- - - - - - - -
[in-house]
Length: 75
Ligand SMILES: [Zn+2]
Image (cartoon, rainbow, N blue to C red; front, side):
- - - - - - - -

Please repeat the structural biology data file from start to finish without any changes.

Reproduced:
[in-house]
Length: 75
Ligand SMILES: [Zn+2]
Image (cartoon, rainbow, N blue to C red; front, side):